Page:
Androgen deficiency can lead to decreases in nocturnal erections and libido. Hypogonadism is associated with impotence, yet erection in response to visual stimulation is preserved in men with hypogonadism, suggesting that androgens are not essential for erection. Although androgens can enhance male sexual function, testosterone therapy for the treatment of ED should be discouraged unless the cause is clearly related to hypogo-nadism. Androgen therapy in normal men may enhance sexual behavior but is without significant effect upon erectile function.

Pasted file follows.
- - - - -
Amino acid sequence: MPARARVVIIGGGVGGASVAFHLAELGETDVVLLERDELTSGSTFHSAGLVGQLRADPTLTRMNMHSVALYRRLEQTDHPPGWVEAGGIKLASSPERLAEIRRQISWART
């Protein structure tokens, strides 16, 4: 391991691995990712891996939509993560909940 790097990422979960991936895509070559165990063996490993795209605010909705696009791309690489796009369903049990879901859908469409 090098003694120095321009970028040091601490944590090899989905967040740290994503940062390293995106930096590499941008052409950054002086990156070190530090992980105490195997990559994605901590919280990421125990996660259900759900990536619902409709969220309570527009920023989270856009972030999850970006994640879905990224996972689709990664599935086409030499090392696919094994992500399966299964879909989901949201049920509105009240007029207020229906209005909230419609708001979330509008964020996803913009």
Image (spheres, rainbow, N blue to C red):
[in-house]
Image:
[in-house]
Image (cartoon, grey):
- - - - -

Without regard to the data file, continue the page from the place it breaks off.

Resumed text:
Usefulness of oral methyltestosterone is limited in men with hypogonadal impotence. Improvement following transdermal testosterone may require several months of therapy. Androgen replacement regimens for treating male hypogonadism include long-acting intramuscular injections (e.g., testosterone enanate, testosterone cypi-onate) and oral preparations (e.g. methyltestosterone, fluoxymesterone). Transdermal patches (Testoderm, Androderm) and topical testosterone gel (Androgel) are also available. Transdermal testosterone also may improve sexual function and psychological well-being in women who have undergone oophorectomy and hysterectomy. Transdermal delivery systems can provide a more constant serum testosterone level than do intramuscular injections, but they are more expensive.
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